Another key ‘governance’ point made by the Report involves the relationship between local and central government. Winder notes that nearly $1 billion comes into Hawke’s Bay to deal with social issues – health, education, public safety – and more still for income support and jobs programs.

These are the programs with the most direct bearing on the social and economic wellbeing of Hawke’s Bay residents. Says the Report:

“Whether it is the future of the region’s State Highways, or of the railway, or the future of schools and funding for tertiary education, or the future of healthcare and the ability of the region’s people to access it, or relevant research and development that could benefit the region, or the framework of welfare and assistance to those in need, these key decisions rest with central government.”

“Given the importance to the region of government decisions one of the critical success factors for its future will be its ability to work with government and to secure decisions that work in the best interests of Hawke’s Bay. A continuing challenge for both the government and the region will be to get alignment between government agencies and local authorities to ensure that the total government effort delivers credible and coherent results.”

Local elected officials have virtually no say in how central government programs and funds are deployed. The result is gaps in accountability and coordination, mis-matching of resources to needs … and ultimately poor effectiveness at getting the job done. Says the Report: “The ability to deliver a seamless approach across housing, job seeking, financial assistance and training were noted as essential components of a successful response to the social issues facing parts of the region.”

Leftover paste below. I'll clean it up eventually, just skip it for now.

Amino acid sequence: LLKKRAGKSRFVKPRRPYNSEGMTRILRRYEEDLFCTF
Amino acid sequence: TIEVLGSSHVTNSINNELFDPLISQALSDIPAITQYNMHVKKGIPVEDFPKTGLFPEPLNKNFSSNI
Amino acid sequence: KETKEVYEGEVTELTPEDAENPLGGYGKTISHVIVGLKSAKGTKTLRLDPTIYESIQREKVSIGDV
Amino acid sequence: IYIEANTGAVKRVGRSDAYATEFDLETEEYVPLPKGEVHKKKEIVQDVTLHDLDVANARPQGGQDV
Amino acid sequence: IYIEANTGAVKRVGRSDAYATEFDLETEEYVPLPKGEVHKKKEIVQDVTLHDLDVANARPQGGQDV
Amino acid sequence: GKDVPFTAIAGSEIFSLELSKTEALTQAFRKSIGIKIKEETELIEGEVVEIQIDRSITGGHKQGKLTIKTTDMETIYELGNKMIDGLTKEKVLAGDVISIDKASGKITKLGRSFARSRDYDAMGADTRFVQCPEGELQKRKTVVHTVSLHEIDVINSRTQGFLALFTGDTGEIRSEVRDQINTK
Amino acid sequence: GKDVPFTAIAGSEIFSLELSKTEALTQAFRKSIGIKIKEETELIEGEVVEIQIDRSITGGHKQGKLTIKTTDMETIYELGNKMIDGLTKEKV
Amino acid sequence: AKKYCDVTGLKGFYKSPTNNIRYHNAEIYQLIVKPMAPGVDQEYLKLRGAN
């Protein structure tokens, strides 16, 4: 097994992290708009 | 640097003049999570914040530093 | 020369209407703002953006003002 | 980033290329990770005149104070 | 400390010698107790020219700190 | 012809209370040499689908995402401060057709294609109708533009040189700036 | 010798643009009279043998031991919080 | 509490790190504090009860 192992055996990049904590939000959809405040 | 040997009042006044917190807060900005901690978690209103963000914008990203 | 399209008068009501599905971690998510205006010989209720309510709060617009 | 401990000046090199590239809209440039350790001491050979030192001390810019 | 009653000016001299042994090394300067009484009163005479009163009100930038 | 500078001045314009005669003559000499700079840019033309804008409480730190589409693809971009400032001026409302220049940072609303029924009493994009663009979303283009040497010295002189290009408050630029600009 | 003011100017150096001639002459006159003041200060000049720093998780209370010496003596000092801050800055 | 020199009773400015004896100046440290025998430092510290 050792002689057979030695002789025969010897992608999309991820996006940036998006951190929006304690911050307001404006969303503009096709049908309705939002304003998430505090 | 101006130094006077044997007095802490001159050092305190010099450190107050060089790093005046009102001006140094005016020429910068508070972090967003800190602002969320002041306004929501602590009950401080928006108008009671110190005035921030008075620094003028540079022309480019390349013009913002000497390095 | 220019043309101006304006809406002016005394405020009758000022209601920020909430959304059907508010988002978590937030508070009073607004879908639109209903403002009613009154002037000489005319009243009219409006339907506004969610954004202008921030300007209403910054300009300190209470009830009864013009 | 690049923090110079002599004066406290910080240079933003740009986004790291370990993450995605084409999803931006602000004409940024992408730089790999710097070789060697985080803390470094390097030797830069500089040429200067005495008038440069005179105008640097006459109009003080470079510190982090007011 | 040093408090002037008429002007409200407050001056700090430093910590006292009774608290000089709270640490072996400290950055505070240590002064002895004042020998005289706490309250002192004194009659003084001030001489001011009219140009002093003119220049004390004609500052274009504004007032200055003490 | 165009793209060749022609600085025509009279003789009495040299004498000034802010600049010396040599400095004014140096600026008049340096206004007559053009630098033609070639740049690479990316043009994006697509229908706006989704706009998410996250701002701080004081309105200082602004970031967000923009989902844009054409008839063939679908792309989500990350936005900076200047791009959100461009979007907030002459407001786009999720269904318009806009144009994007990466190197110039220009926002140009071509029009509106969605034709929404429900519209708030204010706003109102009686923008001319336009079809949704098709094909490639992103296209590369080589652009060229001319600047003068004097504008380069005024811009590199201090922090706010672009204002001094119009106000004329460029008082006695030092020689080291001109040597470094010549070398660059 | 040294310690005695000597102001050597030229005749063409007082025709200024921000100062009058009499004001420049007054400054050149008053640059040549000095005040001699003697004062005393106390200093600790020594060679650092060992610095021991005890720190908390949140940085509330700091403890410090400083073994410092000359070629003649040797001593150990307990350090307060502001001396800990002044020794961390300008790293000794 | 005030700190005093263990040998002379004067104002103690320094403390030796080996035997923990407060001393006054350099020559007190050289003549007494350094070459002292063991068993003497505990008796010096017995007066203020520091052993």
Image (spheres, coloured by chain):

Proponents of reorganisation like myself believe that having a single focus of leadership in the Bay is the necessary precursor to winning more local authority over the priorities and direction of central government initiatives in our region that affect our socioeconomic wellbeing. Those championing ‘democracy’ should want more of that authority and accountability located here in the Bay.

The alternative is to remain divided and puny, able to plan our parking spaces (“Yea democracy”), but not our economic future (“Woe is us”).

Says the Report: “One of the challenges that small provincial councils have faced for a long time is how to engage effectively with government and get government attention on the particular issues facing their district. Successive governments have also struggled with this issue and have tended to want to work with regions (groups of councils) rather than with individual territorial authorities … it is a challenge for individual territorial authorities, and even for regional groupings of councils to be heard by government…”

Winder is now preparing a ‘Phase 2’ report on structural reorganisation options, including full amalgamation of the region’s five councils. That report is due at the end of November … and will certainly spark some spirited conversations over the holiday season!